How do we deal with the past? With memory, both collective and discrete? I don’t know the answer, of course. Sometimes I think I would take a pliers and hack out my brain if it would give me a moment’s peace. Time takes a cigarette, right?

This is “Lonely Planet Boy” performed by The Lockhorns, live and drummerless. Me and Tex on guitars, and I don’t know who, either Joe Katz or Marc Fagelson on bass. You can hear me introduce the song as being “written by David Johansen…and maybe Johnny Thunders.” Which provokes audibly derisive and condescending looks from the audience (and probably Tex and Joe-or-Marc). What had shamefully slipped my Jamesons-ized mind was that Johnny had taken the song’s signature guitar part with him when he left the Dolls and used it again later to write what is probably an even more famous (and exponentially more Devastationalist) song.

Lonely Planet Boy (Thunders/Johansen)

The Lockhorns

How Lonely Does It Get?


I got to know Jeffrey Cobb from when I was working at a dysfunctional cappuccino hangout called Sufficient Grounds which was near the UC Berkeley campus, just off Telegraph Ave. We were both from “back east,” both Mets fans and both involved with music, Jeff being a DJ at KALX, the college radio station. But our friendship wasn’t sealed until one day someone told Jeff that I was driving down to LA and he called up to see if he could catch a ride — something about a girl down there he wanted to see. I said sure, and picked him up in my ’71 Comet very early the next morning. But Jeff didn’t look so hot, and we hadn’t even made it out of the Berkeley flats and onto the highway when he asked me to pull over, then puked his guts all over the street. I looked on in admiration. Apparently he’d had a rough one the night before.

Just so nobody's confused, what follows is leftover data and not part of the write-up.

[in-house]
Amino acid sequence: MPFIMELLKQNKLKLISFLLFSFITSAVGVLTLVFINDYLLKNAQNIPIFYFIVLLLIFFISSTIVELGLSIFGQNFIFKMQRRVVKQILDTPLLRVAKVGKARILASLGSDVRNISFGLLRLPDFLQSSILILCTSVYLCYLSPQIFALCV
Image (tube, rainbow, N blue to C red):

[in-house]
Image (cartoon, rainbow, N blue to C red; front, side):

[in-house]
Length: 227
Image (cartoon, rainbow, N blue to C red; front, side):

It wasn’t long before I started crashing Jeff’s radio show, lounging around the studio, pulling records, and sometimes he’d let me sing a song on the air. This is an acoustic version of Zane Campbell’s “Post-Mortem Bar,” performed more or less the day I figured it out. It’s funny (for me, anyway) to compare this version to the All-Girl Band version which was both more accomplished and more rote in its Nirvanization of the song.

Stripped down to its bare essentials I am reminded of what was so obviously and fetchingly attractive to me about this song in the first place: ineradicable longing, sure, but that coupled with the idea that in the afterlife there’s actually a bar (!) where we can meet and drink and catch up with the loved ones we’ve lost in this life. I’ve never had any trouble picturing that scene when either playing or listening to “Post-Mortem Bar.” Such a simple, brilliant premise for a song.

Post-Mortem Bar (Live Acoustic on KALX) (Zane Campbell)

Peace Bird


This song was finished at V&T’s, right before a gig somewhere on the Columbia campus. 3 or 4 of us passing around a bottle of red wine, trading off lines, scribbling on place-mats. I can’t remember how the term “Peace Bird” came into our lives, but in those days pretty much anything anyone said got memorialized in song by somebody. Guitars were always lying around everywhere you went for that express purpose.

You may ask how this particular song ever made it out of the living room, let alone had a life that lasted beyond that one gig. Er…Um…I couldn’t rightly say. I do have a very distinct memory of my very aged grandma asking me and Carrie Hamilton to play her a song, and us wracking our brains for something appropriate before digging up “Peace Bird,” thinking she’d enjoy the folkiness and the harmonies. (And I think she did.)

This version comes from a set we did live on WFMU, on Nick Hill’s Music Faucet show. Nick was friends with Antone, and Antone helped us out where he could. (He was even nice enough to drive us there.) Me, Carrie & Fagelson, who were the ragtag Lockhorns at that point. Bob came along at the last minute to play percussion, which turned out to include a (reasonably well-miked) WFMU garbage pail.

Peace Bird

The Lockhorns